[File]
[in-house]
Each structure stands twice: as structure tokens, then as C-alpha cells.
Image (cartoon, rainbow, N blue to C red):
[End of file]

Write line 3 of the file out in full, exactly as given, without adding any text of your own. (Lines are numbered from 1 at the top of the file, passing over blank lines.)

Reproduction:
Image (cartoon, rainbow, N blue to C red):